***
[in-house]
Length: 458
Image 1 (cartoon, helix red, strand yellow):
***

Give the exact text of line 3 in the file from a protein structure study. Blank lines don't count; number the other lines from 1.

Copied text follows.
Image 1 (cartoon, helix red, strand yellow):